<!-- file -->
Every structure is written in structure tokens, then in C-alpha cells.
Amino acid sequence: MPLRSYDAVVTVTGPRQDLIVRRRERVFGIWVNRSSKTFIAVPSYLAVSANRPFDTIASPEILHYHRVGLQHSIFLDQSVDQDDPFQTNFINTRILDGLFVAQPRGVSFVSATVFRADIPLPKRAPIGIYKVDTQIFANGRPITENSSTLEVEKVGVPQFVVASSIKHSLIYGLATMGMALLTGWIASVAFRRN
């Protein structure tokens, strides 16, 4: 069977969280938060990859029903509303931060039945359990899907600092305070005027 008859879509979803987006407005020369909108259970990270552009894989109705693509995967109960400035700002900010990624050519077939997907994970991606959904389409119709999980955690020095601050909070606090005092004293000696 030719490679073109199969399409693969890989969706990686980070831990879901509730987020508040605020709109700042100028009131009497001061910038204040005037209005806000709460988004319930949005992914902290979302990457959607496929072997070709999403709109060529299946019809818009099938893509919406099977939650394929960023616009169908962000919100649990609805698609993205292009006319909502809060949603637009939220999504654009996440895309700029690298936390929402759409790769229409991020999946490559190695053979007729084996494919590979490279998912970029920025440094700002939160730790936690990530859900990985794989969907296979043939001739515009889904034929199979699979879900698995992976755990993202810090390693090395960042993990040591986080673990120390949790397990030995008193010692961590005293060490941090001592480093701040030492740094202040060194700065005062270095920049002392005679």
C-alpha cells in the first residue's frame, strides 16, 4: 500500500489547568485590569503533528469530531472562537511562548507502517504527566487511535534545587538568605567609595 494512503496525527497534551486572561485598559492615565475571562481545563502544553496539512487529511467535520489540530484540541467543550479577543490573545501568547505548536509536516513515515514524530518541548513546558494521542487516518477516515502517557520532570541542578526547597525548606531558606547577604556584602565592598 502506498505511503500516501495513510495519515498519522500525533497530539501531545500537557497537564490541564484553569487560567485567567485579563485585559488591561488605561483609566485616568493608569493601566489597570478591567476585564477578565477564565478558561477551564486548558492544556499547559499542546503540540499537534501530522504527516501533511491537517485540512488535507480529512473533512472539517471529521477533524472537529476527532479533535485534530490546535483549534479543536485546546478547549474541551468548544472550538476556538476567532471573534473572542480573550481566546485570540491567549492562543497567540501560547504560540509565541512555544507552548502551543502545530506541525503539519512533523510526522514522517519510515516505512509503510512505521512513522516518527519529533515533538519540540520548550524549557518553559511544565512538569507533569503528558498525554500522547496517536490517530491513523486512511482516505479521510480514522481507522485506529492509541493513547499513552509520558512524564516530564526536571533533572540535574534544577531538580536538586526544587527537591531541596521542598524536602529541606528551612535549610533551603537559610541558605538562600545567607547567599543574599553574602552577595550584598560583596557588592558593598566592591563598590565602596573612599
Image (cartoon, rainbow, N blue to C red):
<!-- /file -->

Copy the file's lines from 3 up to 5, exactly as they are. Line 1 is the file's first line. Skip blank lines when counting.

């Protein structure tokens, strides 16, 4: 069977969280938060990859029903509303931060039945359990899907600092305070005027 008859879509979803987006407005020369909108259970990270552009894989109705693509995967109960400035700002900010990624050519077939997907994970991606959904389409119709999980955690020095601050909070606090005092004293000696 030719490679073109199969399409693969890989969706990686980070831990879901509730987020508040605020709109700042100028009131009497001061910038204040005037209005806000709460988004319930949005992914902290979302990457959607496929072997070709999403709109060529299946019809818009099938893509919406099977939650394929960023616009169908962000919100649990609805698609993205292009006319909502809060949603637009939220999504654009996440895309700029690298936390929402759409790769229409991020999946490559190695053979007729084996494919590979490279998912970029920025440094700002939160730790936690990530859900990985794989969907296979043939001739515009889904034929199979699979879900698995992976755990993202810090390693090395960042993990040591986080673990120390949790397990030995008193010692961590005293060490941090001592480093701040030492740094202040060194700065005062270095920049002392005679």
C-alpha cells in the first residue's frame, strides 16, 4: 500500500489547568485590569503533528469530531472562537511562548507502517504527566487511535534545587538568605567609595 494512503496525527497534551486572561485598559492615565475571562481545563502544553496539512487529511467535520489540530484540541467543550479577543490573545501568547505548536509536516513515515514524530518541548513546558494521542487516518477516515502517557520532570541542578526547597525548606531558606547577604556584602565592598 502506498505511503500516501495513510495519515498519522500525533497530539501531545500537557497537564490541564484553569487560567485567567485579563485585559488591561488605561483609566485616568493608569493601566489597570478591567476585564477578565477564565478558561477551564486548558492544556499547559499542546503540540499537534501530522504527516501533511491537517485540512488535507480529512473533512472539517471529521477533524472537529476527532479533535485534530490546535483549534479543536485546546478547549474541551468548544472550538476556538476567532471573534473572542480573550481566546485570540491567549492562543497567540501560547504560540509565541512555544507552548502551543502545530506541525503539519512533523510526522514522517519510515516505512509503510512505521512513522516518527519529533515533538519540540520548550524549557518553559511544565512538569507533569503528558498525554500522547496517536490517530491513523486512511482516505479521510480514522481507522485506529492509541493513547499513552509520558512524564516530564526536571533533572540535574534544577531538580536538586526544587527537591531541596521542598524536602529541606528551612535549610533551603537559610541558605538562600545567607547567599543574599553574602552577595550584598560583596557588592558593598566592591563598590565602596573612599
Image (cartoon, rainbow, N blue to C red):